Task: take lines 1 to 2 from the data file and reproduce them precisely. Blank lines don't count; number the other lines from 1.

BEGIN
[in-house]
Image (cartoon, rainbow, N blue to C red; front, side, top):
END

[in-house]
Image (cartoon, rainbow, N blue to C red; front, side, top):